Together, Bobby, Karen and their mum began the walk home. "What's the job?" Bobby asked.
"I have an appointment tomorrow afternoon," his mum explained. "Your dad's going to be at work, so I need you to come to Karen's class, pick her up at the end of the school day and walk her home. You know she's not old enough to cross that big road on her own, so I really need you to look after her. Can you do that?"
Bobby smiled. "Of course," he said. "I promise."
The next day, Bobby was determined to win back his friends. He packed the DVD he'd promised to lend Paul in his school bag and he took a bag of sweets to share at lunchtime. Sure enough, by morning break, his friends seemed to have forgiven him for whatever it was they were mad about in the first place...
"Do you want to stay behind after school with me, today?" Jack asked. "Some of us are going to help paint the sets for the end of term play. It sounds like fun!"
Bobby agreed; it did sound like fun and before he'd had time to think about it, he'd promised to help.
Later, after lunch, Lily had some news for Bobby, too. "I've entered Luna in a dog show," she announced. "It's at 4 o'clock, today. Mum says you can come with us, if you like? I know Luna would love you to be there."
Bobby was honoured and, without thinking, he promised to go along.
Shortly before home time, Tom asked: "Bobby, are you coming to football practise tonight? We've got another big game next week and I don't think we can win without you!"
Bobby felt rather proud to be asked and of course, he promised that he'd go.
When the bell rang for the end of the school day, Bobby followed Tom out onto the field. He quickly switched his school shoes for his football boots and began doing his stretches, but something didn't feel quite right... Had he forgotten something?
"Come on, Bobby," Tom called. "Show us how you scored that amazing goal!"
Bobby rushed to kick the ball, but suddenly, a thought popped into his head. Jack! "I'm sorry," he cried, tugging at his boots. "I'm meant to be doing something else!"
Bobby darted back into the school and ran down the corridor towards the school hall. Inside, several children were already busy painting. "I'm so sorry," Bobby breathed. "I completely forgot."
"I know," Jack said. "I saw you run off when the bell rang. Bobby, you've got to stop making promises you can't keep!"
Bobby nodded. "I just want to help everyone," he admitted. But even as he picked up a paintbrush and began to join in, something just didn't feel right. He glanced up at the clock on the wall. "Hang on," he gasped. "It's almost half past three! I promised I'd be at the dog show with Alice by 4 o'clock! I'm really sorry; I have to go!"
Bobby flung his bag onto his shoulder and ran out of the school as fast as he could. He darted down the streets, until he reached the main road. The one his mum always told him to be very careful when crossing. The one that Karen wasn't allowed to cross on her own...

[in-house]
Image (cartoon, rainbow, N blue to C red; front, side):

Bobby turned on his heels and fled back in the direction of the school, with panic in his eyes. When he reached Karen's class, he saw his sister, sitting quietly in the corner of the room, on her teacher's lap. Her eyes looked red.
"I... I'm so sorry," Bobby stammered.
Karen's teacher didn't look very happy at all. "I've been trying to call your mum," she said. "But I couldn't get through. Karen told me you were walking her home, but you didn't turn up!"
Bobby's cheeks flamed red. "I know... I promised to do something else and I just forgot..."
Karen leaped off her teacher's lap and into Bobby's arms. Bobby cuddled her close, shaking his head. He couldn't believe he'd left his little sister all by herself like that. He'd only been trying to help everyone out!
"I suggest you don't make more promises than you're able to keep," Karen's teacher declared. "Because if you do, you're only going to end up breaking them and causing much more trouble."
Bobby blinked back at her. Suddenly, he realised why his friends had been in such a bad mood, before. He realised how often he made promises without thinking. And he realised that he was wrong. Clutching Karen's hand in his, he managed a smile. "I'm here now," he said. "And I'm going to walk you home safely. You can count on that."
He slowly walked out of the classroom, with his sister's hand still in his. In his mind, he resolved to say sorry to each and every one of his friends for all of the promises he'd made and broken. And he knew that he would never forget something so important ever again. Suddenly, Karen's voice broke his thoughts: "I won't tell mum you forgot about me," Karen said, quietly. "As long as you do something for me in return?"
Bobby stopped walking and glanced down at his little sister. "What's that?"
Karen grinned. "Stop making promises all the time. Only make them if you can keep them."
Bobby smiled back at Karen and gently squeezed her hand. He'd learned enough of a lesson to know that that was one promise he could definitely keep.